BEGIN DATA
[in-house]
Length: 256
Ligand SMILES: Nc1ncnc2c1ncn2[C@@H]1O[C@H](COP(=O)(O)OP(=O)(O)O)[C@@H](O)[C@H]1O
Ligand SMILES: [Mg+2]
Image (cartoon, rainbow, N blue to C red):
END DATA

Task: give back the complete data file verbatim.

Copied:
[in-house]
Length: 256
Ligand SMILES: Nc1ncnc2c1ncn2[C@@H]1O[C@H](COP(=O)(O)OP(=O)(O)O)[C@@H](O)[C@H]1O
Ligand SMILES: [Mg+2]
Image (cartoon, rainbow, N blue to C red):